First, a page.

Digital Media and Psychological, Emotional and Physical Development in Adolescence
Harold Koplewicz, MD
Child Mind Institute
Charles A. Czeisler, MD, PhD
Chairman of the National Sleep Foundation;
Director of the Division of Sleep Medicine,
Baldino Professor of Sleep Medicine,
Harvard Medical School;
Division of Sleep and Circadian Disorders, Departments of Medicine and Neurology,
Brigham and Women’s Hospital
Dan Romer, PhD
Director of the Adolescent Communication Institute (ACI),
Annenberg Public Policy Center,
University of Pennsylvania
Jason Chein, PhD
Associate Professor Department of Psychology (Brain, Behavior and Cognition) ,
Adam Gazzaley, MD, PhD
Associate Professor of Neurology, Physiology and Psychiatry,
Director of Neuroscience Imaging Center,
University of California, San Francisco
Tom Robinson, MD
Irving Schulman, MD Endowed
Professor in Child Health & Professor
of Pediatrics and of Medicine
Approximately 17.1 million children (under 18) have or have had a psychiatric illness. This compares with 7 million with asthma, 7 million with peanut allergies, 200,000 with diabetes, and 11,500 with cancer. That is, “by far the most common set of illnesses of childhood and adolescence are mental illness or psychiatric disorders.”
What is the state of the science regarding the connections between sleep and digital media use? How does digital media use effect circadian rhythms? There is a tremendous connection, not only between media use and sleep, but more generally, between light exposure and sleep. For the past century, kids have been losing about 2 minutes of nightly sleep per year; that is, today’s children sleep about 2 hours less of sleep each night than those of yesteryear. (This data comes from studies of 700,000 – 800,000 children.) The impact of sleep deficiency manifests differently in children and adults. In children, the symptoms of sleep deficiency masquerade as the same types of symptoms as ADHD and other psychiatric illnesses. The treatments for those non-sleep illnesses often involved mixed amphetamine salts or other amphetamines that makes it even more difficult for those children so treated to sleep.
During early childhood, daytime activity spawns proliferating synaptic connections, but in later childhood, those synapses get pruned during sleep. That is one key function of healthy sleep. Clearing toxic metabolic debris from the brain is another. Not only is the amount of children’s sleep declining, but also the pattern of sleep is becoming more irregular, leading to circadian disruption. Light exposure is playing a key role (especially, between dusk and sleep). The blue-enriched light of a smartphone is delaying the brain’s perception of “night” and extending the “pre-dusk” energy surge that we’ve evolved naturally. The lower intensity, incandescent reading lights of the past produced longer-wavelength light with a lesser effect on the internal clock. A recent study, comparing the light effects of reading from an iPad and reading from a printed book, found that the light is much more intense when one is reading from a light-emitting screen.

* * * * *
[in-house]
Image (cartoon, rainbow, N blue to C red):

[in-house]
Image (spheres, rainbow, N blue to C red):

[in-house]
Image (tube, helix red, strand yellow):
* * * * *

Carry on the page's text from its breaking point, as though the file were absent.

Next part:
Screen light suppresses the release of the sleep-promoting hormone melatonin, shifts the circadian rhythm of melatonin by about an hour-and-a-half, makes it more difficult to fall asleep, and leads you to wake up more tired the next morning. (It’s just speculation, but there may be a connection here to a recent study of night shift workers’ cancer risks, since melatonin also has an important role in cancer protection. Increased breast cancer, colorectal cancer, and prostate cancer risks are associated with light exposure at night.)
Falling asleep with the phone on brings other sleep disruptions into play. Devices’ vibrations/notifications disturb sleep, and “phone checks” during nighttime waking episodes jolt the system and interrupt the melatonin cycle through light exposure. Meta-analysis of 67 studies supports the proposition that such screen usage is associated with decreased sleep duration and increased prevalence of sleep disorders.
To what extent are depression, anxiety, and risky behaviors in adolescents an actual result of media use, and which children are most susceptible to these kinds of outcomes? One way to answer that question is to look at that age group’s health outcomes over the last ten years, since that’s been a period of increased connectivity. Whatever is happening with this “digital revolution”, and with the possible exception of obesity, it’s hard to see major impacts on important outcomes (fatality rate, motor vehicle fatality rate, suicide rate, homicide rate, adolescent birth rate, drug use, serious emotional or behavioral difficulty). Basically, kids are doing better than they were before the digital revolution. Nevertheless, there is a lot more we can do to reduce adverse effects of mental health problems and risky behavior in today’s youth.